That's the most important part and the example I'm trying to set.
The irony in all of this is that I've been recommending products and services created by other people for years—blogging products included—and never heard any kind of backlash for that. Now, with the launch of Breakthrough Blogging, I feel I can better serve those in my audience who may need additional help and attention. That's how I know it's the right move.
The Course Itself
As far as the course itself, I couldn't be happier with how it turned out.
It's beautifully designed and coded by Jonathan, my new and amazing developer/designer, who built the platform on WordPress using a custom designed skin for Thesis 2.1, and he integrated the membership software, which is powered by WP-Wishlist.
So far, the response from users has been nothing but incredible! I'm also keeping track of the user experience partly by hosting the video lessons on Wistia.com, which allows me to track, in detail, how each video is being viewed, by who, and where improvements can be made.
We're listening and working closely with the existing members and continually adding new features every other week.
I've had a lot of questions about when Breakthrough Blogging will be re-opened, and right now it's not exactly known. I'm hoping to re-open the membership before the end of the year, but it depends on the workload based on user feedback on features that will be added over time. 🙂
Epic Posts in July
July was not without some posts that I published which were extremely well received and highly shared around the web. It was nice to be back in the groove again (since a lot of my extra energy in June was dedicated to launching Breakthrough Blogging) and crank out the kinds of posts that took double-digit hours to put together.
1-Day Business Breakthrough with Pat and Chris
One of my best friends, Chris Ducker, came to San Diego to visit my family in July. We had an awesome time together! My son actually cried when he left town. 😛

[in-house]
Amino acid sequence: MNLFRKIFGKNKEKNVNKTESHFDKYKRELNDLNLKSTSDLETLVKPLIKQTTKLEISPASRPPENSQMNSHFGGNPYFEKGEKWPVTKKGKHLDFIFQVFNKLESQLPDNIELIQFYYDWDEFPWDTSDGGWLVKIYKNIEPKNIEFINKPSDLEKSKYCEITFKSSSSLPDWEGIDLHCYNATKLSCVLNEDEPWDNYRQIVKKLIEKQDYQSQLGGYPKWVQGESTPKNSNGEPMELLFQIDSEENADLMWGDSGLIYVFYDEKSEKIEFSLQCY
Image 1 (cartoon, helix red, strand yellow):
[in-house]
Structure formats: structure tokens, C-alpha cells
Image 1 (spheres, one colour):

On July 12, Chris and I hosted a full-day, premium mastermind event for 25 bloggers and entrepreneurs at a co-working space downtown, and it was probably one of the most fulfilling things I've ever had the pleasure of participating in.
Each attendee had a chance to showcase their business front and center while Chris, myself and the rest of the group provided our honest feedback and ideas for what to do and where to go next. Our goal was to have each person leave with at least one MAJOR breakthrough in their business, and from the feedback we've been hearing it was a total success and everyone felt they got more than their money's worth, which made us both really happy.
Chris and I sat down the next evening to record a podcast session together to capture our thoughts on the day—but more importantly we wanted share what we learned about how important it is to connect and mastermind with other people. It turned out to be an incredibly inspiring and educational episode. I highly recommend you have a listen (and a laugh or two!) if you haven't already.
Cost and Profit
Since this was a full-day premium event, Chris and I did charge money to attend. We sold out 25 spots (in a day and a half!) for an advertised price of $497.00 per person. That's a total gross income of $12,425.
Of course, the day didn't come without basic expenses, including:
- Pastries / Coffee / Lunch and Beverages: ~$500.00
- The Venue: $500.00
- Dinner: ~$2,000.00
- Eventbrite Fees (5%): $621.25
- Total Net Profit: ~$8,803.75
- Total Individual Profit: ~$4,401.88
Not bad for one day's work!
The truth is, however, a lot of time was spent planning this first event, so it was more than one day's work. We spent a few hours together each day before the event going over each attendee's business and their goals, which we learned from a Ning.com community we setup so the group could connect with each other and answer a few questions for us beforehand, which took a little bit of work to setup as well, but it was totally worth it.
All in all, it was an amazing experience. To get the feedback we did, while helping people move forward in their business and get paid for it—it's an awesome feeling. If you're in a niche where you have the ability to get a few people together, in person, and use the power of the group as a whole to help everyone get inspired, think big and move forward—you should totally give it a shot!
Chris and I are already planning our next 1-Day Business Breakthrough event, which will happen in San Diego in January after New Media Expo, so look out for more information about that soon.